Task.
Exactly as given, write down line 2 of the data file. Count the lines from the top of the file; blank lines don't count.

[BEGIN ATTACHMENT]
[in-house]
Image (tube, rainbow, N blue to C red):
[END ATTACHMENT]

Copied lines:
Image (tube, rainbow, N blue to C red):